A lack of venture capital money means that it will be difficult for innovative young Australians to launch new ventures and manage to survive long enough to reach profitability.
Consider the enormous tax losses suffered by the ATO and the general reduction of the Australian tax base as a result of losing an entire multi-billion dollar asset class to another hemisphere.
Australia could realistically expect to have a $5 billion a year VC industry.
Now let’s make some assumptions about income tax, corporate tax, and GST.
Assuming there are 250 investee companies and on average each of them generates revenues of $20 million per year that equates to $5 billion in annual revenues overall. If the average company has 20% net margins, then this would produce earnings of $2.4 million and the government could hope to collect $180 million in corporate tax revenues. The government would also pocket $500 million in GST revenues (more than what the VC industry invested in Australia in 2013).
Assuming that salary and wages for each company represents 30% of gross revenues and that the blended income tax rate is 28% then this would also mean that the 250 investee companies would produce $420 million in income tax revenues.
All in all, the government is missing out on a potential $1.1 billion in tax revenues per year.
What are the problems with the ingrained culture of the Australian venture capital industry?
American VC funds are willing to invest serious money in early stage ventures because they know how profitable it can be.
The US sees more exits, at higher valuations, and the success of American VC funds has attracted more VC players, more money, and more entrepreneurial ventures.
Part of the problem in Australia is that there is less money available, which means that it is harder for Australian startup founders to get meetings with investors and harder for them to secure investment.
But lack of money is only part of the problem. Another problem is that startup founders typically have to work harder and wait longer to secure investment. At the early stage of a venture where every day counts, delays in securing funding can mean the difference between success and failure, and distract founders from the vital task of growing the business.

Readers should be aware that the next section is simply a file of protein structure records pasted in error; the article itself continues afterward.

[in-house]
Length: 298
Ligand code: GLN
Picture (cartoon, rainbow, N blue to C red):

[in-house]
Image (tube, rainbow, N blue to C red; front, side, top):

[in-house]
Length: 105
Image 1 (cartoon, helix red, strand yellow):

Lack of money and longer waiting times are not the only problems though. The main problem is that the Australian VC industry lacks the visionary mind set required to grow successful new companies in Australia.
In the States, the VC industry is enthusiastic about investing in early stage ventures, whereas the mood in Australia is sceptical and hesitant. American VC investors look for passion and market potential, and know that asking for financial forecasts from a seed stage company is pointless. Down under it is a different story. Australian investors typically require a full blown business model with financial forecasts, which is genuinely impossible to provide if the venture hasn’t proven its business model and doesn’t yet have any customers.
What is the New Philanthropy?
Philanthropy is defined by the Merriam-Webster Dictionary as the practice of giving money and time to help make life better for other people.
The push for a more significant, better funded venture capital industry in Australian can be framed as a type of New Philanthropy.
We believe business is about solving problems and delighting people, and this becomes viable when businesses manage to do this in a financially sustainable way.
In any case, the New Philanthropy is not a new concept: this is basically what Richard Branson already does when he says he believes in supporting new entrepreneurial ventures and to our knowledge he signed Bill Gates’ giving pledge on that basis, which means he is not conforming to the way that most people would delineate business and philanthropy/charity.
Australia requires the New Philanthropy, and the push for a Renewable Capital Innovation Fund.